Why baby steps? They prevent brain freeze and overwhelm. Baby steps are so much easier and have a greater chance of success, thus reducing your fear of failure. Taking a baby step triggers your innate reward system and motivates you to keep going by feeding your enthusiasm to move forward.
Savor the Good
Our brains have a built-in negativity bias. We must train them to focus on what is working, what is joyful, what is good. My favorite practice is called Taking in the Good. Everyday you find something good, a beautiful tree, a sunset, someone’s smile and you savor it for 20-30 seconds. When I did this daily for 6 months, I noticed that I was seeing the good much more often in life.
Savor when you get what you want, instead of just moving on to the next thing. Take time to appreciate your successes and your joys. Allow yourself to experience awe. Pay attention to the people and things you are grateful for. Grateful eyes look as if they had never seen it before and caress it as if they would never see it again.
Take a moment to look at what’s satisfied you in the past week. What really makes you feel nourished?
Nurture the Courage to Face Your Vulnerabilities
“What do I do when I feel emotionally exposed?” “How do I behave when I’m feeling very uncomfortable and uncertain?” “How willing am I to take emotional risks?” Bene Brown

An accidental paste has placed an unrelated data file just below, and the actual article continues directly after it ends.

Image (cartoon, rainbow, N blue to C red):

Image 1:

The edges of the experiences we fear form a kind of invisible fence that limits the life we allow ourselves to have. We dread how we think an experience may turn out, so we close ourselves off from that experience. But what we dread is usually rooted in childhood, and today it is much less likely, less painful, and less overwhelming than we fear.
Start with facing small vulnerabilities. Play a game you are not good at. Call a friend you haven’t been in touch with for a long time. Give someone a compliment. As you build your confidence in your ability to handle your vulnerability, you can move on to bigger things.
Curate Your Mind Made World
We all live in a world that is developed by our minds. Your mind made world was developed as you were growing up. It contains lots of “should” that are not really yours. It includes perceptions that are not true. And it limits your thinking, your actions, and your life.
To curate your mind made world, start by seeing clearly. Notice that the stronger our wants and fears, the narrower the perspective we can take it in. We are otherwise occupied or fixated.
By listening deeply to yourself, you learn to recognize your own beliefs and opinions, needs and fears. If your mind is filled with the perceptions of others, you won’t have enough inner space to really hear yourself. Our culture has taught us to jump to fixing problems, whether they can be fixed or not, instead of listening to how the problem makes us feel. We don’t listen to our bodies to learn what makes us suffer, and what brings happiness.